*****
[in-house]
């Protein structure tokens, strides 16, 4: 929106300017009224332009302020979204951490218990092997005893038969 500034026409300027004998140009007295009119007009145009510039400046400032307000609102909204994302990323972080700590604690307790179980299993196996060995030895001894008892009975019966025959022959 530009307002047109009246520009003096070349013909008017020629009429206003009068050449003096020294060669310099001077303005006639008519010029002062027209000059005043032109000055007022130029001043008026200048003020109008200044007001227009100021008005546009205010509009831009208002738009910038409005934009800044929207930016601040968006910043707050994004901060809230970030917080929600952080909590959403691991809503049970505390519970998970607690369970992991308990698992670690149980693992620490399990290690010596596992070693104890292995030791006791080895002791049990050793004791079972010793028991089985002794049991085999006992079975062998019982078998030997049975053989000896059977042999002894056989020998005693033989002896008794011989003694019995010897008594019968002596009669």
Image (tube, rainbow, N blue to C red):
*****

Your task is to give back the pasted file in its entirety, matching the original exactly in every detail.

[in-house]
């Protein structure tokens, strides 16, 4: 929106300017009224332009302020979204951490218990092997005893038969 500034026409300027004998140009007295009119007009145009510039400046400032307000609102909204994302990323972080700590604690307790179980299993196996060995030895001894008892009975019966025959022959 530009307002047109009246520009003096070349013909008017020629009429206003009068050449003096020294060669310099001077303005006639008519010029002062027209000059005043032109000055007022130029001043008026200048003020109008200044007001227009100021008005546009205010509009831009208002738009910038409005934009800044929207930016601040968006910043707050994004901060809230970030917080929600952080909590959403691991809503049970505390519970998970607690369970992991308990698992670690149980693992620490399990290690010596596992070693104890292995030791006791080895002791049990050793004791079972010793028991089985002794049991085999006992079975062998019982078998030997049975053989000896059977042999002894056989020998005693033989002896008794011989003694019995010897008594019968002596009669």
Image (tube, rainbow, N blue to C red):